18 Jul Yorkshire’s 17th century cottage that grew
Rawdon Crag Wood Conservation area is easily one of the most highly regarded areas in North Leeds to live. A private, secluded greenscape offering sheltered, exclusive living right on the doorstep of Leeds City Centre. Home to the highly sought after Woodlands Drive with barriered entrance to keep out unwanted traffic, Crag Wood covers a rural suburb made up of mostly Victorian villas set in spacious wooded grounds developed in the 19th century. That is, apart from a handful of other distinctive and characterful properties such as Dove Cottage on Apperley Lane. The area screams rural but is indeed only a short distance from the city, the international airport at Leeds Bradford and only a quick walk to Apperley Bridge train station. No wonder this conservation area has become increasingly popular and so highly regarded in recent times.
Where pretty villas or castellated towers stud the hillside or nestle into the wood harking back to the Victorian age, much of the surviving woodland of the area and vernacular buildings of farmsteads and cottage terraces still remain and recall an earlier landscape.
One of those cottage terraces is home to Dove Cottage dating back to the 17th century. Now a Grade II listed building with only one neighbour, it’s sits atop Crag Wood and overlooks the golf course, surrounded by woodland. When Dove Cottage was purchased by its current owners, it was purchased as a mid-terrace cottage but there came an opportunity when the tenant of the end terrace moved. Buckstone Cottage, previously owned by Rawdon Golf Club and rented out, was sold to the owners of Dove Cottage, who had found an opportune time to make the golf club an offer so they might knock two cottages into one to make their dream home.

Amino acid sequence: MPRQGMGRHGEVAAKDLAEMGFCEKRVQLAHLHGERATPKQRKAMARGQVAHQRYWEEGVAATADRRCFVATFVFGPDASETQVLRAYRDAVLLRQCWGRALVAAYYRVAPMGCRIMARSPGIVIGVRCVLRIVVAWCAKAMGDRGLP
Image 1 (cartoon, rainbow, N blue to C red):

Upon integrating the two cottages into one larger property, many architectural discoveries were made. The owners discovered that the properties had once been linked together at an earlier time by an internal door that had been covered up; trusses were found underneath suspended ceilings; two fireplaces otherwise boarded up and mullion windows. The current owner who is a sculptor by trade has even added her own homage to this cottage’s past by adding her own handmade plaster friezes, looking so authentic that an inspector from the English Heritage thought they were approximately 300 years old!
Whilst also completing works, neolithic quern stones were unearthed, that would have been used for grinding seeds and grains. A mysterious doodle was also found on a boulder, most probably inscribed by a medieval master mason.
Not only did the wee cottage grow from one cottage to the footprint of two but it now also boasts a separate studio and garages plus it’s own woodland. The large studio/office space has more recently been added along with a log store and utility that was once a dove cote offering great potential to a future buyer to utilise as work space or a separate annex/self contained flat. Solar panels have also been added, offering an income and free electricity during day light hours, bringing in the highest tariffs and is tax fee.
The ground floor of the cottage now comprises of a kitchen, dining room/snug, a large bedroom and shower room.
The stair case with oak newel posts lead to the first floor’s 29ft living area, two more bedrooms and two bathrooms.
The cottage offers a flexible layout and has been refurbished sympathetically, in keeping with it’s period charm and characterfulness. Decorated throughout in white helps light to bounce and dance across each room, accentuating the original features that were unearthed when two cottages became one.
This cottage really has taken on a life of its own and the next owner we’re sure will make their own historical discoveries or even add their own mark to it’s legacy. On the market for offers in the region of £795,000, this rare opportunity does not come around very often in Leeds’ attractive Crag Wood. For more information on this one of a kind property, click here or us on 0113 2390012.